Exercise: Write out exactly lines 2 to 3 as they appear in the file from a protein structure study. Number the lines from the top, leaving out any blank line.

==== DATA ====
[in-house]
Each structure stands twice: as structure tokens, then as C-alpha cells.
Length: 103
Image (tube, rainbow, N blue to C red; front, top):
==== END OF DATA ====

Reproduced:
Each structure stands twice: as structure tokens, then as C-alpha cells.
Length: 103